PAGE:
Cardiac Rehabilitation Courses

By Mariza Halliday - Last update

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What is Cardiac Rehabilitation?

Cardiac Rehabilitation is a customised outpatient program of exercise and education. The program is designed to help you improve your health and recover from a heart attack or other forms of heart disease or surgery to treat heart disease.

It is a supervised program that includes education about healthy living, including how to eat healthily, take medicine as prescribed, and quit smoking and counselling to find ways to relieve stress and improve mental health.

What 3rd level courses are available?

Universities and colleges in Ireland are offering courses in Cardiac Rehabilitation and other related subjects in the following subject areas:

  • Understanding Cardiovascular Diseases – Gain an overview of heart and circulatory diseases, the anatomy and physiology of the cardiovascular system, risk factors and patterns and methods of prevention worldwide.
  • Cardiovascular Disease in Primary Care – This module aims to develop the knowledge and skills of health care professionals in the management of Cardiovascular Disease.
  • Health Promotion: Cardiovascular (PG Cert) – This course aims to provide candidates with professional education and training in the principles and practice of health promotion as applied to the promotion of cardiovascular health and diabetes prevention.
  • Cardiac First Responder Instructor – This course will provide learners with the knowledge, skills and attitude to train others to be PHECC registered cardiac first responders.
  • AED Defibrillator Training/Cardiac First Response PHECC – Using an AED defibrillator is one of the vital links in the chain of survival. Ideally, wherever there is an occupational first aider in a workplace the provision of an AED should be considered.
  • MSc in Nursing in Applied Cardiac Catheterisation laboratory practice – For many nurses working in the Cardiac Catheterisation Laboratory, this will be an upskilling programme, providing contextual skills and competencies to build, promote and manage their patient cohort.

Studying Cardiac Rehabilitation in college

There are many courses in Cardiac Rehabilitation that may take place over a few days, weeks or even 1 year to 4 years depending on the course and modules selected. There are also part-time courses and night courses available so you can be sure to fit in your studies no matter what your schedule is like.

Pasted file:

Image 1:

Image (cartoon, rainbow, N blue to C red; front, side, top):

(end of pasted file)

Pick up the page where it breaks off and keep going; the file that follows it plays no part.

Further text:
Courses will cover theory work through lectures, assignments, tutorials and taught modules. Assessments will take place on a continuous basis with written examinations and practical assignments combined in order to achieve a qualification.

You could also consider work experience or a work shadow in the industry. You may find it useful to work shadow a clinical scientist working in cardiac sciences to gain a more thorough understanding of the job role. Contact the cardiac department at your local hospital to try to arrange a visit.

Alternatively, you could consider some general volunteering, for example on a hospital ward, to give you an insight into what it’s like to work in a hospital setting and to show your commitment. You could also work as a healthcare assistant or do some paid or voluntary work in a care setting, for example in a care home or hospice.

Work Experience will not only give you the opportunity to obtain a deeper knowledge and understanding of the industry, it will also give you a chance to do some essential networking with other industry professionals and gain valuable contacts for the future.

Career options

After completing a Cardiac Rehabilitation course you will be able to get started in a career that uses specific knowledge of cardiac science and biology and a variety of technical and medical diagnostic procedures to assess patients’ cardiac function.

As a clinical scientist working in cardiac science, you’ll have direct contact with patients of all ages who have known or suspected heart disease. You’ll carry out complex diagnostic, monitoring and analytical tests and will also be involved in interventional procedures such as pacemaker implantation.

The main employer of clinical scientists working in cardiac sciences is cardiology departments. Trainees are usually employed by teaching hospitals. You’ll work as part of a multidisciplinary healthcare team including anaesthetists, cardiologists, healthcare science practitioners, nurses, operating department practitioners, radiographers and surgeons.